Over the last several years we’ve been laying the foundation. Doing the work. Going over, under, around and through barriers. Today… We had a great call with our giving partners about finishing up the mini documentary that will tell story of why goats are good for battling poverty and how the goats tie into baseball in the Dominican Republic. We have some exciting plans for getting goats into the hands of families who need them. The goat is not a curse. It’s a blessing. And you can help give goats to families in need. The time is now. #reversethecurse #donateagoat #goat #goatsofinstagram #greatestofalltime #gocubs #gogoats
Yes, fainting goats do exist. But they don’t actually faint: it’s a medical condition known as myotonia congenita. Basically, when startled, the goat’s muscles tense up and it keels over appearing as though the poor animal has suffered a heart attack, although the goat experiences no known pain in the matter.
We’ve been able to see fainting goats in person at several farms, where they were being used as decoys for predators such as wolves and coyotes; the fainting goat becomes easy prey while more valuable livestock (mostly herds of sheep) escape safely. It doesn’t take much to startle the little fellas, either; a loud clap or holler and “down goes Frazier!”
What we had never seen before, however, is a fainting goat on the gridiron. Arkansas State wide receiver Booker T. Mays III., albeit not a goat, changed that when he pulled the “fainting goat technique” during a recent game.
Chip Patterson details the story of how Mays’ fainting goat play came to be. Below’s a Youtube video of a fainting goat in action. If you’re interested in learning more about fainting goats, click here or risk fainting.
I’ve read countless articles on how to build a “winning culture” in the workplace. You’d think magic was a critical ingredient of the recipe. But I’m here to tell you, as someone fortunate enough to have been a member of several winning cultures, it doesn’t take magic.
Winning culture at the workplace, if I may say so, is merely good leadership. Good leaders set good examples, they motivate, they inspire, they hold people accountable for their actions. Most of all, good leaders instill a workplace mentality of togetherness, one where caring about your co-workers is on equal, if not greater, footing than caring about numero uno. And that, essentially, is the cryptic message from in the numerous articles I was referring to at the beginning of this post.
Expecting to build a winning culture with poor leadership is the same as expecting Lake Michigan to freeze over in mid July, which is also spoken from personal experience (dare I mention I’ve also been a member of several losing cultures!). As a side note, there is a silver lining to experiencing a losing culture, which is the beginning of a burning desire to find and contribute to a winning culture, not to mention, a deep appreciation to be a part of it.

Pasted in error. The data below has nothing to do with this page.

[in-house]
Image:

Nevertheless, for entrepreneurs leadership starts by looking in the mirror and setting the right example for your own support group /work force. Your company’s growth will eventually bring leaders to the surface among your rank and file, following the examples you sent trickling down from top to bottom. That, friends, is when winning culture blossoms, and only then is when the magic can begin…
The application of statistical analysis in professional baseball, known as sabermetrics, has noticeably changed the way the game is played the last decade. Whether or not those changes have been for the better remains a common rift among baseball fans.
It’s a wormhole debate for seamheads (like me), but I have no intention of diving into it for this post. I will say there’s little friction against sabermetrics on my end, only a word of caution to my baseball brethren to recognize statistics don’t tell the whole story–and that goes for entrepreneurship, too. As long as commerce and baseball are run by people there will always be a human element to the game; work ethic, determination and other intangibles that simply can’t be calculated. Thus, to get the whole picture you need light from both sides.
“People commonly use statistics like a drunk uses a lamp post; for support rather than illumination.”– Mark Twain
We already know statistical data provides loads of information to better position a defense on the diamond or a business in the market, but statistics can also be used to twist narratives into misleading directions, as Mike Templeman explains in his article on Entrepreneur.com “When You Focus on Failure Statistics, You May End Up One.”
It’s an article well worth reading, especially if someone’s ever given you the line about your new business having an 80-percent chance of failing.
It’s rare for an entrepreneur to begin the journey with more than a handful of people at the ready, and in most cases it’s likely two or three people. Painting your vision for others to see, feel and empathize with your passion isn’t the hard part–it’s getting their commitment to go to work for your cause.
Make no mistake, accomplishing your grand vision–and your vision should be grand–will almost certainly require the help of dozens of people, if not hundreds. But the lion’s share of your work can be achieved with the small group you set out with on Day 1. In the land of entrepreneurship, you don’t need nine players on the diamond to field a team.